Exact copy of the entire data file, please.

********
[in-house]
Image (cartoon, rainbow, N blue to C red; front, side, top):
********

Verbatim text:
[in-house]
Image (cartoon, rainbow, N blue to C red; front, side, top):